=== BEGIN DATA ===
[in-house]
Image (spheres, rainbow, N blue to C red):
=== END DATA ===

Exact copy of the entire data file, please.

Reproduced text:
[in-house]
Image (spheres, rainbow, N blue to C red):